Maybe Saint Marty needs to move to London and find a job as a clerk in a business office.  God Bless Us.  Everyone!
The real Circle of Life

Monday, September 24, 2012

September 24: Keeping Ahead of Things

Yes, that title pretty much says it all.  I have been running a race all day long, trying to keep up with all my work in the medical office.  My coworker is officially on maternity leave, so, for the next three months, I am the only show in town.  If I fall behind in scheduling or charging or anything, I am sunk.  Thus, today, I have been a slave to the FAX machine and my computer.  It has kind of sucked, but it has also made the day pretty much fly by.

The other element of my day that has helped my disposition has been Singin' in the Rain.  While sitting at my desk, putting together charts and answering phones, I have been re-watching that great musical, preparing for my film classes this week.  Yes, I am the master of multi-tasking.  I defy anyone to watch that movie and not be in a good mood.  I just finished the scene where Gene Kelly, Donald O'Connor, and Debbie Reynolds sing "Good Mornin'."  I was literally smiling through the entire song.

Perhaps I'm off-balanced.  Perhaps I'm tired from watching the Emmy Awards last night.  Perhaps I'm being nostalgic for my childhood, when MGM movie musicals were a staple in my home. 

Whatever the reason, Saint Marty's toes are tapping, and he's whistling away.  Life is good.

September 24: His Work, His Voice, "Carol" Dip Monday

So, I had an interesting conversation in my Sunday School class yesterday morning.  We were discussing the valleys and peaks of our lives.  In particular, we were discussing how to maintain hope when your life is in the toilet, and how to recognize God's voice and blessings.  Most people, when they are in real trouble, will turn to prayer of some sort, whether it's to some kind of "higher power" or Jesus or Jehovah or Muhammad.  As the saying goes, there aren't any atheists in foxholes.  When the chips are down, we turn to God (in whatever form) to pick those chips up for us.

The topic came up about how we sometimes don't recognize God working in our lives or talking to us because we're too wrapped up in ourselves.  When I get up in the morning, I immediately start going through my list of what I have to do.  Work.  Teaching.  Papers and quizzes to correct.  Kids to get to dance and daycare.  My mind doesn't stop.  Then, of course, as the day goes on, all the other noise of the world crowds in, grabs my attention.  Rain and bad tires on my car and doctors appointments for children with ear infections.  Most of life is an unending parade of worries and distractions.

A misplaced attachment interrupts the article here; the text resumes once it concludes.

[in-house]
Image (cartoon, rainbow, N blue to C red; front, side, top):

And in the middle of all that is God, talking to us, working for us.  We are just too preoccupied to take notice.  For example, in August one day, I was worried about money (probably the biggest noise in my head all day, every day).  I was looking at bills and paychecks, thinking, "This just isn't going to work."  I could come up with no solution to reconcile the shortage of cash.  I closed my eyes and said a little prayer, something like, "OK, God, I handing this one over to you.  Can't handle it.  I need a break."

Within a couple of minutes, my wife called and told me I'd received a letter in the mail from the city of Marquette, where I spend most of my days working/teaching.  I thought it was another reminder to pay a parking ticket that I've been ignoring for quite some time.  "No, no," my wife said.  "I opened it up, and there was a check inside for $250."

I sat there, stunned.  Finally, I said, "What's it for?  Is there a note or something?"

It turned out I was getting paid for a couple of poetry readings I did this summer as part of the U. P. Book Tour.  I couldn't believe it.  It was out of the blue.  I'd never been told I was going to get compensated.  In fact, the year before, I did quite a few readings for the Book Tour and never saw a dime.  I wasn't looking to be paid.  I wasn't expecting to be paid.

When I spoke with one of the organizers of the events, he said, "Well, when we paid all the bills, we had money left over from the grants we received.  All the authors got money."

The nonbeliever would call it a coincidence, good fortune, whatever.  I call it God's work or God's voice.  God made me stop, take a deep breath, and surrender.  Then God stepped in, rolled up His sleeves, and did a little miracle.

That's what I'm talking about.  Worries never accomplish anything, except maybe disrupting sleep and ruining dinners.  Worries are all about fear, and fear is the exact opposite of faith.  It's the worrying we all do, every day, that interferes with our ability to recognize God's work, to hear God's voice.